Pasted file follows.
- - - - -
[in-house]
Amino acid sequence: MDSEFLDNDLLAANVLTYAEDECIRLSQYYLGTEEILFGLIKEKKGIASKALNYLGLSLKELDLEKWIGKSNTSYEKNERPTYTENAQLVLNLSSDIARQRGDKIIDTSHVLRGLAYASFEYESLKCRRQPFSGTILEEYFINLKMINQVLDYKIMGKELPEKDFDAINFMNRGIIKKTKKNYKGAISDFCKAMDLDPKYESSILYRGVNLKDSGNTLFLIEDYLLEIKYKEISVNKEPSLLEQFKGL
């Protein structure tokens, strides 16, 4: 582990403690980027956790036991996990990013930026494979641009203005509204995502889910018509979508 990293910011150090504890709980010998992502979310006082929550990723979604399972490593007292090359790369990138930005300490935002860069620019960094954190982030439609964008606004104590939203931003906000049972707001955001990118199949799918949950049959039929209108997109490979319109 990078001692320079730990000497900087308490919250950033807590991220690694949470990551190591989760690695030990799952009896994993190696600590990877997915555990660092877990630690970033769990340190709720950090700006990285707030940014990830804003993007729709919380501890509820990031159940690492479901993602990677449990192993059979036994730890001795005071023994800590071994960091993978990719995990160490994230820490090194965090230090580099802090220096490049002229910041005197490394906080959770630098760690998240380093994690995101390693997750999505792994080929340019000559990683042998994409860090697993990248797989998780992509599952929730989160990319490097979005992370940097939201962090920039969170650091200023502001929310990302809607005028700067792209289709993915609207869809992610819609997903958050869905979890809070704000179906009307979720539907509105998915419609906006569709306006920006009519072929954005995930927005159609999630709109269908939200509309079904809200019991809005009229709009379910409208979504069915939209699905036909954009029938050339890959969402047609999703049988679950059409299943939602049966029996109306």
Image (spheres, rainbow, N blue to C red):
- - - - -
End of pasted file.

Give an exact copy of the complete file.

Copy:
[in-house]
Amino acid sequence: MDSEFLDNDLLAANVLTYAEDECIRLSQYYLGTEEILFGLIKEKKGIASKALNYLGLSLKELDLEKWIGKSNTSYEKNERPTYTENAQLVLNLSSDIARQRGDKIIDTSHVLRGLAYASFEYESLKCRRQPFSGTILEEYFINLKMINQVLDYKIMGKELPEKDFDAINFMNRGIIKKTKKNYKGAISDFCKAMDLDPKYESSILYRGVNLKDSGNTLFLIEDYLLEIKYKEISVNKEPSLLEQFKGL
């Protein structure tokens, strides 16, 4: 582990403690980027956790036991996990990013930026494979641009203005509204995502889910018509979508 990293910011150090504890709980010998992502979310006082929550990723979604399972490593007292090359790369990138930005300490935002860069620019960094954190982030439609964008606004104590939203931003906000049972707001955001990118199949799918949950049959039929209108997109490979319109 990078001692320079730990000497900087308490919250950033807590991220690694949470990551190591989760690695030990799952009896994993190696600590990877997915555990660092877990630690970033769990340190709720950090700006990285707030940014990830804003993007729709919380501890509820990031159940690492479901993602990677449990192993059979036994730890001795005071023994800590071994960091993978990719995990160490994230820490090194965090230090580099802090220096490049002229910041005197490394906080959770630098760690998240380093994690995101390693997750999505792994080929340019000559990683042998994409860090697993990248797989998780992509599952929730989160990319490097979005992370940097939201962090920039969170650091200023502001929310990302809607005028700067792209289709993915609207869809992610819609997903958050869905979890809070704000179906009307979720539907509105998915419609906006569709306006920006009519072929954005995930927005159609999630709109269908939200509309079904809200019991809005009229709009379910409208979504069915939209699905036909954009029938050339890959969402047609999703049988679950059409299943939602049966029996109306």
Image (spheres, rainbow, N blue to C red):